On the Kingdom of Saudi Arabia (KSA), he has focused on their vulnerability, and their wealth. In the NYT interview, he said “If Saudi Arabia was without the cloak of American protection I don’t think it would be around”. In an article published in “The Hill”, 16 August 2015, he focused on the need to pay to play – “They make a billion dollars a day. If it weren’t for us, they wouldn’t exist. They should pay us”.

This has gone so far as suggesting that the US will not purchase Saudi oil, if they do not provide troops to fight ISIS. This may not be viable as KSA still accounts for 13% of US oil imports. Equally, any sanctions taken against the KSA runs up against the weight of Saudi involvement in the US economy. After China and Japan, Saudi Arabia is probably the third largest investor in US Treasury securities. Estimates of Saudi investment in securities and assets are $750 billion. But it does tie in to a growing tension in US/KSA relations.

One of the most striking expressions of this was the passage of the Bill, in September 2016, against President Obama’s opposition, supported by Democrats and Republicans, to allow victims and relatives of 9/11 to sue the Saudi government. This unease has spread widely in the US. A Huffington Post/YouGov poll in December 2016 revealed that of those who voted for Clinton, 36% regard the KSA as “friendly or an ally”, as against 38% who regard it as “unfriendly or an enemy”. Amongst those who voted for Trump, 25% regarded it as “friendly or an ally”, as against 59% who regard it as “unfriendly or an enemy”.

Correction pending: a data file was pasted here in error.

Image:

Even Obama, despite supporting the Saudi war upon Yemen, made a couple of shifts. Firstly, in the summer of 2016, he withdrew nearly all of the US military personnel in the Saudi operational command centre in Riyadh. Secondly, in December 2016, he blocked some arms sales to the KSA. Of course, these fell well short of ending support. But it did register that the US government was losing patience with the Saudis, given their obvious failure to make any strategic military progress in the war. It represented US pressure upon the Saudis to find a different political, rather than military, solution.

If President Trump wishes to end the war he has a simple expedient at hand. He can end US refuelling of the Saudi-led coalition planes. According to former Pentagon official, Pierre Sprey, this action would mean that planes would be confined to flying 5 to 15 minutes runs, instead of the current 1 to 3 hour runs. Obviously this would drastically reduce the scope of coalition bombing.

It seems unlikely Trump will do this. Despite the distancing, Trump still supports the KSA. In a Fox News interview, 4 January 2016, he said “…Iran, they’re looking to go into Saudi Arabia. They want the oil. They took over Yemen. I would want to protect Saudi Arabia”.

As Iran appears to be one of Trump’s main concerns in the Middle East he will want a settlement in Yemen which the Saudis can support. Two actions this week reinforce this. On 22 January the US carried out drone strikes inside Bayda province, Yemen. On the day after, the US Defence Security Cooperation Agency announced arms sales to the KSA worth $525 million. Obviously the President could have stopped these, had he wished to. This being the case, it falls upon the anti-war movement, particularly in the US and Britain, to step up its opposition to their government’s involvement in the war upon the people of Yemen.

The above article was first published here on the Stop the War Coalition Website.